While India holds massive coal reserves, a 5.2% increase per annum in coal consumption has surpassed domestic production – leading to a widening import requirement.
National Australia Bank analysts point out that under India’s Eleventh Five-Year Plan, the Government’s power ministry is planning to develop seven “ultra mega” coal-fired power plants by 2012. Five of these plants will be located near port facilities – with the intention to operate on imported coal.
“Typical coal consumption for plants of this size is around 12 to 13 million tonnes a year,” NAB analyst Gerard Burg said in his November Coal Market Outlook.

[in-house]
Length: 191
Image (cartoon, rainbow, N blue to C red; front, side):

“The imported fuel plants could increase India’s thermal coal imports by around 70 million tonnes."
China will also remain a key driver with the country expected to hold net importer status for all of 2008.
Indonesia will not be able to fill the demand either – as its export growth continues to be limited by domestic production.
“Indonesia’s State Electricity Company plans to rapidly increase coal-fired generation capacity in response to power shortages and rising oil prices," NAB said.
The bank predicted thermal coal and semi-soft coking coal prices to rise by 40% in the 2008 Japanese financial year. Hard coking coal prices are also forecast to rise by around 33% to $US130/t.